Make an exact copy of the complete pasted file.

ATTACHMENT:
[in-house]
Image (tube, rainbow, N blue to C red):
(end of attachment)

[in-house]
Image (tube, rainbow, N blue to C red):